(Reuters) - Hurricane Nicole plowed directly into Bermuda on Thursday before churning into the open sea and weakening, the U.S. National Hurricane Center said, as local media reported significant damage to the tiny Atlantic island chain.
The Royal Gazette newspaper said the storm, rated as a Category 3 hurricane on the five-step Saffir-Simpson scale, sheared rooftops from buildings, uprooted trees, flooded homes and downed power lines as it hit Bermuda with sustained winds of up to 120 miles per hour (195 kph).
But there were no immediate reports of any casualties from Bermuda, a low-lying archipelago occupying just 21 square miles (54 sq km) and home to more than 65,000 people.
After passing over Bermuda, the storm, packing maximum sustained winds of 110 miles per hour (175 kph), was downgraded to a Category 2 hurricane, still capable of causing extensive damage.
The Bermuda Electric Light Company (BELCO) said that nearly 26,000 customers were without power, roughly 85 percent of its customers, and that many power lines and utility poles had been knocked down.
By late afternoon, the storm was 130 miles (210 km) northeast of Bermuda but a still a threat to the British overseas territory that is a major insurance and reinsurance center.
"A dangerous storm surge will raise water levels by as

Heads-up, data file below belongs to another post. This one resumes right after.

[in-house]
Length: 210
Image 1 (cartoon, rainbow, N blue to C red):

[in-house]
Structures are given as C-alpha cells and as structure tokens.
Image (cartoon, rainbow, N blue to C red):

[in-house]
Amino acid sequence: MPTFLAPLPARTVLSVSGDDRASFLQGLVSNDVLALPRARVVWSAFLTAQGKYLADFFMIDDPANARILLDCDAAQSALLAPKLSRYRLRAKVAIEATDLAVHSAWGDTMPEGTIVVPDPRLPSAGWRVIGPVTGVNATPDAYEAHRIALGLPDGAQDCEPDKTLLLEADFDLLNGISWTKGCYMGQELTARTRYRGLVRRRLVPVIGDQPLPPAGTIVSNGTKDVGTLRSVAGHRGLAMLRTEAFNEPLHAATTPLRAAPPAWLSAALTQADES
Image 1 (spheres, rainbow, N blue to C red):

much as 6 to 8 feet (1.8 to 2.4 meters) to above normal tide levels in Bermuda," warned the Miami-based hurricane center in its latest advisory.
"The surge will be accompanied by large and destructive waves. The storm surge should subside this evening," it added.
Bermuda is often in the paths of Atlantic storms and has extensive experience in handling them.
Nicole shot through Bermuda just a week after Hurricane Matthew tore a path of destruction through impoverished Haiti en route to the United States, where it triggered severe flooding. Matthew, which briefly rose to the maximum Category 5 intensity, killed more than 1,000 people in Haiti, and left more than 30 dead in Florida, Georgia and the Carolinas.
(Reporting by Sandra Maler in Washington; Writing and additional reporting by Steve Gorman in Los Angeles; Editing by Peter Cooney and Sandra Maler)